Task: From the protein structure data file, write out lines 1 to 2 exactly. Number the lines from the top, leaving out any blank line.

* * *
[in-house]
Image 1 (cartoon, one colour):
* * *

[in-house]
Image 1 (cartoon, one colour):